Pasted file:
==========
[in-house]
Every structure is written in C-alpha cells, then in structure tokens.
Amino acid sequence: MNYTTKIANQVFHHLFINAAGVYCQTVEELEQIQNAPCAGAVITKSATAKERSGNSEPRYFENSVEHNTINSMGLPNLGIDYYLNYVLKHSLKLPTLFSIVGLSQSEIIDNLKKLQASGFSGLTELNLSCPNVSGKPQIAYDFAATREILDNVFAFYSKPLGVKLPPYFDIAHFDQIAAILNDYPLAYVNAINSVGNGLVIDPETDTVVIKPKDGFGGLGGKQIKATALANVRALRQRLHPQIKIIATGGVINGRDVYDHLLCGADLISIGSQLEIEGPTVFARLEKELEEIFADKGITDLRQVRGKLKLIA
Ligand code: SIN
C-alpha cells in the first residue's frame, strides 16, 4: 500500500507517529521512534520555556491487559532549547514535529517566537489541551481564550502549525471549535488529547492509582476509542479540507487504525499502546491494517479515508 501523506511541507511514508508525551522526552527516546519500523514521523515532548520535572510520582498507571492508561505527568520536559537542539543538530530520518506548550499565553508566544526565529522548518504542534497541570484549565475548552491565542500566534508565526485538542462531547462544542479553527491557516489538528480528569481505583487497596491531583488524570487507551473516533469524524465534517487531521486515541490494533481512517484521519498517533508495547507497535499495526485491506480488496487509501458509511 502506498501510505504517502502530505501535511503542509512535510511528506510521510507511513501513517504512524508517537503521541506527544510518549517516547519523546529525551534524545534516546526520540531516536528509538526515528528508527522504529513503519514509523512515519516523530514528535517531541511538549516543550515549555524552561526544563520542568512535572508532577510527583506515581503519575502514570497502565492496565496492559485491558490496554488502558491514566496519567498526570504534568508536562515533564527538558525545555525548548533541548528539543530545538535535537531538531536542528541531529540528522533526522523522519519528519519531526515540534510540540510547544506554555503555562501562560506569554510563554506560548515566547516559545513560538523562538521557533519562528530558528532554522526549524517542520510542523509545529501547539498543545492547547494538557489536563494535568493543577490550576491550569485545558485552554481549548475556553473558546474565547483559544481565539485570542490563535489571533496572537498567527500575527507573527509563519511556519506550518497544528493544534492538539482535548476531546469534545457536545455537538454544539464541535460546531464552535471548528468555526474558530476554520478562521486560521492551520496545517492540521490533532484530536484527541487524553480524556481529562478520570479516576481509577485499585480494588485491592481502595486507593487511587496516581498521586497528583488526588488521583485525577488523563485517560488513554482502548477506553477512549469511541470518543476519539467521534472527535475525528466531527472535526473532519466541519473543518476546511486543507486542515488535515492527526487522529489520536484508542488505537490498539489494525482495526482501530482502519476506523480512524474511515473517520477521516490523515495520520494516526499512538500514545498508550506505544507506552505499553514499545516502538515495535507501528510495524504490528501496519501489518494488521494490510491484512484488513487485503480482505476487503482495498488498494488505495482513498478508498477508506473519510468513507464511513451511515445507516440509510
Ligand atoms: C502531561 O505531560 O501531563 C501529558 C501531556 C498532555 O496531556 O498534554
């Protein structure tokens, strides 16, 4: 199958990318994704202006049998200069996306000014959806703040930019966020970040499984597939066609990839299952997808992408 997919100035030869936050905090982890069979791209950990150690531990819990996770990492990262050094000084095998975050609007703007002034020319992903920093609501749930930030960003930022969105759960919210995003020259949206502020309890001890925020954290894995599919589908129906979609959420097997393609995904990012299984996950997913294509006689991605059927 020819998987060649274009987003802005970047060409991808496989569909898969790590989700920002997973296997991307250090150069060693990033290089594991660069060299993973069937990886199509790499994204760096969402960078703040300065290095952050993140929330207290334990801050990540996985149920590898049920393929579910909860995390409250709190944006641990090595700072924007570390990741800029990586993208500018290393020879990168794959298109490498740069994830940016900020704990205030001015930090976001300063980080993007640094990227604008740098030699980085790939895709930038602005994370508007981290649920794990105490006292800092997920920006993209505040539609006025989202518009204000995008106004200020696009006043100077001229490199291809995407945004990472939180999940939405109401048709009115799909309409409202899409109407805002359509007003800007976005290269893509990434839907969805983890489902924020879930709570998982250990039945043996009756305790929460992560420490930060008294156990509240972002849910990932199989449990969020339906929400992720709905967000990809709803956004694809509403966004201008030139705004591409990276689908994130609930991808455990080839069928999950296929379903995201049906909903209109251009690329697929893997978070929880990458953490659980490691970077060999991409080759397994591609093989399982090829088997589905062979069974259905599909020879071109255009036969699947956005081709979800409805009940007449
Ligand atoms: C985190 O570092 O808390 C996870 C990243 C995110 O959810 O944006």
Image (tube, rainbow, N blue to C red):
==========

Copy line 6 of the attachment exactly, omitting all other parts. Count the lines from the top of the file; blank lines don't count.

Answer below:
Ligand atoms: C502531561 O505531560 O501531563 C501529558 C501531556 C498532555 O496531556 O498534554